Insomnia can occur at any age; it is even possible (albeit rare) for infants to have insomnia. Recurrent insomnia typically first onsets in adolescence or young adulthood, though it may begin later in life. Teens and young adults with insomnia tend to report greater difficulty falling asleep; older adults tend to struggle primarily with staying asleep. Either form of insomnia can cause sleep loss and psychological distress.

What are the symptoms of insomnia?

Symptoms of insomnia include difficulty falling asleep, difficulty staying asleep, and/or an inability to fall back asleep after waking up too early in the morning. Since many people experience these symptoms at least occasionally, in order to qualify for a diagnosis of persistent or chronic insomnia, they must persist for a period of 3 months and occur at least 3 times a week. (For more on the symptoms of insomnia, see our Diagnosis Dictionary.)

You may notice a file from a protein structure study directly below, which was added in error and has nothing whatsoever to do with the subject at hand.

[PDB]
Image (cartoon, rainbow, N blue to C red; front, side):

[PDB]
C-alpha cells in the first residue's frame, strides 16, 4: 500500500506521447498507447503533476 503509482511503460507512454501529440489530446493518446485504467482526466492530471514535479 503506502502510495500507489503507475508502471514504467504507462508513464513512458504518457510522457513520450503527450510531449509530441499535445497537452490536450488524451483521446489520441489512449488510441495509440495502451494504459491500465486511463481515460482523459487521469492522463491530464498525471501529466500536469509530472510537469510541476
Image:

What are the long-term effects of insomnia?

Persistent insomnia that goes untreated typically leads to sleep deprivation; chronic sleep loss, in turn, can come with serious ill effects, including an increased risk of heart disease, stroke, and many kinds of cancer; weight gain; accelerated skin aging and decreased bone density; reduced cognitive capacity; and more. Insomnia also comes with other dangers, like an increased risk of accidental injury or death. Thus, it’s imperative that anyone struggling with chronic insomnia take steps to address it as soon as possible. 

Common Triggers